Membership Login MENU

May 2017

T’S easy to think of investors as either faceless figures of the banking world or the fiery characters
epitomised by the BBC’s Dragons Den series.
But it’s clear from the moment I enter a plush side room in the Clifton Club and meet the five men who are
keen to tell me all about the successof the Bristol Private Equity Club
(BPEC), that this organisation is neither faceless nor fiery “We’re certainly not Dragons,” explains Allan Rosengren, the current chairman of BPEC, whose career has seen him lead big financial service companies like the Lighthouse Group and Falcon Group.
“In fact, we specifically do not want to be like the Dragons – we want to be supportive, whether it’s with the
companies we’re investing in, or with those who come to see us with a pitch.”
BPEC was the idea of Jerry Barnes, who had been involved in a similar club in London and believed it could work for Bristol.
Six founder members including Allan and Jerry each brought their own special skills – Denis Mullan (who
covers corporate finance), Charles Cook (legals) Julian Telling (investment) and digital entrepreneur Mark
Mason (tech).
“The idea was to get together a group of successful entrepreneurs with experience and spare capital,
who could invest both money and skills into local businesses that need it,” Jerry explains.
The club – which meets in the regal surroundings of the Clifton Club -was formed just under 12 months ago
and has already grown to 42 members, who between them have invested £1 million in young busiesses from the Bristol region.
“We’re not angel investors,” Jerry says. “We’re not here to work with start-ups, but rather those who are a little further along their journey, who are ready to take that first step up with investment, but aren’t quite
in the league of the big investors yet.”
Mark Mason, best known for his success with digital agency Mubaloo, adds: “There was a definite gap there
at that level of investment, which we thought we could help with – previously I was seeing a lot of com-
panies at that sort of stage having to look to London for investment. The club is all about keeping growth in
The “club” matches businesses needing support with the capital and skills needed. It receives investment
proposals and a panel of club members decide what to back.
The club supports businesses needing between £150,000 to £500,000 of growth capital and may take a
minority equity stake, but can offer more than cash – with their combined experience in all sectors and
sometimes even joining the boards of companies to offer non-executive guidance.
Denis Mullan says it’s a great time Members of the Bristol Private Equity Club, which invests in young businesses from the Bristol region to be an investor in the city as the Bristol business ecosystem is thriving.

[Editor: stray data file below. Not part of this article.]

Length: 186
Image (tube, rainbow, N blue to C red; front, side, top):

“The incubators that are out there now are doing a wonderful job of bringing talent through and fully equipping them for the world of business,” he says. The club has been working particularly closely with SETsquared, the organisation behind the Engine Shed incubator.
Monika Radclyffe, centre director for the Bristol SETsquared Centre, says: “They have filled a real gap in
the investor market which is making a huge difference to companies at the sort of level we work with at SET-squared. It’s a great initiative.”

May 2017

A Bristol optical products developer has secured a six-figure investment from Bristol Private Equity Club and the University of Bristol Enterprise Fund.
Azul Optics is developing an instrument that can help to identify individuals who may be at risk of a common eye condition that can cause blindness. The instrument was the idea of Dr Shelby Temple of the University of Bristol School of Biological Science.
The equity injection of £310,000 will provide seed funding for product development.
Bristol Private Equity Club, which is made up of 41 entrepreneurs, has provided £160,000 with the remaining £150,000 provided by the University of Bristol Enterprise Fund, which is managed by Parkwalk Advisors.
Azul Optics chief executive Joseph Cefai said: “Age related macular degeneration is the leading cause of incurable blindness in the Western World, affecting up to one in ten people over the age of 65.
“By screening for low macular pigment density, opticians can advise people to make lifestyle changes early that can help prevent the problem developing.
“Dr Temple invented, prototyped and clinically evaluated the screening device and our aim is to develop the instrument and make it commercially available to opticians. We hope that with this funding we can bring the device to the market within 18 months.”
Azul Optics previously secured a £500,000 non-repayable Innovate UK, Aid For Start Ups grant to get the business to its current level and this latest injection of equity will enable manufacturing, sales and marketing.
Article from 10th May 2017

Latest News and Press

Bristol firm’s camera helps find gas leaks

A quantum-enabled gas imaging Lidar camera able to visualise and quantify ...

April 2021


A group of successful entrepreneurs from the Bristol area have set ...

March 2021

SETsquared Bristol contributes 10% of total investment raised in South West for third consecutive year

SETsquared Bristol is delighted to announce that its members raised a combined ...

February 2021


A Bristol-based technology business which manages household bills for students has ...

January 2021


A group of successful Bristol-based entrepreneurs has invested £192,500 into a ...

January 2021

BPEC beneficiaries celebrate awards successes

Three Bristol-based technology businesses which received vital early-stage investment from Bristol Private Equity Club (BPEC) have been recognised at two prestigious ...

November 2020